There are many advantages in collaboration to deliver these activities, notably, cost sharing of RD&D but also in the intellectual gearing of bringing the experience of different actors together to solve a problem. Collaboration and cooperation offer benefits for knowledge sharing, harmonisation and education and training. Within the SHARE project report, D3.3  many instruments for collaboration were identified as relevant to the decommissioning context.
European instruments led by the European Commission such as Horizon Europe are likely to continue to be the key facilitating instruments for open collaborative Research, Development & Demonstration (RD&D) across Europe. Experience of EURATOM projects such as Theramin, PREDIS and CHANCE have illustrated how powerful these collaborations can be, benefitting from sharing of both expertise and national facilities to address technological challenges. On-going projects such as the European Joint Programming EURAD or Euratom H2020 HARPERS can, thus, now pick up on the knowledge created by SHARE
These collaborations can be aided and indeed initiated by strong European networks, notably SNETP, Nugenia and ETSON. A strong European network perhaps facilitated through SNETP-Nugenia has the potential to continue the stakeholder dialogue and networking achieved in SHARE, to inform policy, strategy, and the research agenda in decommissioning at a European level.
For regulatory issues that occur frequently in the roadmap, close interaction with regulator networks such as ENSREG or WENRA could be fruitful. The same is true for educational issues where several expert networks exist. Indeed, an expert insight provided by such groups is crucial for pertinent project development.
However, other international organisations including OECD-NEA and IAEA are also facilitating cooperation beyond Europe and remain important instruments for collaboration and networking in the nuclear sector, notably on knowledge sharing, harmonisation and education and training globally.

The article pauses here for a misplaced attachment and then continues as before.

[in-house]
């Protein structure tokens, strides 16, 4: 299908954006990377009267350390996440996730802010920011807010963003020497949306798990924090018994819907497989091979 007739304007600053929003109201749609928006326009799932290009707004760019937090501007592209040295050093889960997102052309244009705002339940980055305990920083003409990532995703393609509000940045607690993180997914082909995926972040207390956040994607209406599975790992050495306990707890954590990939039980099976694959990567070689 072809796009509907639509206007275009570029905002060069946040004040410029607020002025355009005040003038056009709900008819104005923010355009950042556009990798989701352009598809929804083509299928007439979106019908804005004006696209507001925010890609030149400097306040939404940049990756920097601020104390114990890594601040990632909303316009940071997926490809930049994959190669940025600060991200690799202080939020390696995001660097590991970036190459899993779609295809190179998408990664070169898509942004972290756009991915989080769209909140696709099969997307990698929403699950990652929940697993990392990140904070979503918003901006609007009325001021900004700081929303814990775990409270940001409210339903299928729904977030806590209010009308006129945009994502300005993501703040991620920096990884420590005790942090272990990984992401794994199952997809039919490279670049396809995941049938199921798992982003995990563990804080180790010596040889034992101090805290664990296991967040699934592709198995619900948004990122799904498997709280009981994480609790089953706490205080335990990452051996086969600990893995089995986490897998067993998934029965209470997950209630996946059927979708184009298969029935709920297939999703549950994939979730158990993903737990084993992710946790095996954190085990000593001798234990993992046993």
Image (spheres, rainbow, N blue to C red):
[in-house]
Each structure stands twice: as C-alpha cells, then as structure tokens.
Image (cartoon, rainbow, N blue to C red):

The effective implementation relies on strong collaboration based on shared drivers and goals, as embodied in the initiatives outlined above. However, bilateral or smaller regional (local) collaborations will also play an important role in driving innovation where incentives and drivers align, to make progress against common goals.
List of thematic and sub-thematic areas in the questionnaire survey.
Conflict of interests
The authors declare that they have no competing interests to report.
The project SHARE (847626) was funded by the European Commission in the H202 EURATOM programme.
Data availability statement
GDPR was respected. All published data from the project is publicly available in the deliverables on the project homepage.
Author contribution statement
Robert Winkler was project coordinator of SHARE and drafted the manuscript. Laura Aldave de las Heras was work package leader (WP1 “Methodology”). Development of the methodology used in the project, including the survey analysis, the gap analysis and SRA and roadmap set-up. Federica Pancotti contributed to all work packages and was the author of the state of the art (3.1) and the questionnaire explanatory deliverable (2.5). Anthony Banford was the leader of work package 3 and contributed to the state-of-the-art analysis, the gap analysis, leading stakeholder engagement workshops and the subsequent needs analysis. He participated to the Work Package 4 Strategic Research Agenda and Roadmap Team doing preparation of, co-authoring and dissemination. Reka Szoke reviewed the paper. Kurt van den Dungen was leader of WP4 and coordinated and authored the SRA and the Roadmap. Gintautas Poškas is the author of the deliverables D2.3 and D2.4 and contributed to the article by reviewing and coauthoring chapter 2. KIT participants (Angelika Bohnstedt and Muhammad Chaudhry) have been involved in all WPs, with strong input in WP 1 as task leader being responsible for “Inventory of relevant actors within stakeholder’s profile by country” and in WP 2 “Questionnaire on innovation needs for decommissioning”. They put in a lot of effort was done in the gap analysis on identified needs and available solutions, which included literature research as well as stakeholder workshops with the final outcome in the Strategic Research Agenda.
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Cite this article as: Robert Winkler, Laura Aldave de las Heras, Federica Pancotti, Antony W. Banford, Kurt Van den Dungen, Réka Szőke, Gintautas Poškas, Angelika Bohnstedt, and Muhammad Junaid Ejaz Chaudhry. SHARE: Stakeholder based analysis of research for decommissioning, EPJ Nuclear Sci. Technol. 9, 10 (2023)
The population of responding and targeted Stakeholders in the questionnaire survey by their type of organization.
|In the text|
Pie charts of the profiles of the participants to the two workshops organised for the gap analysis.
|In the text|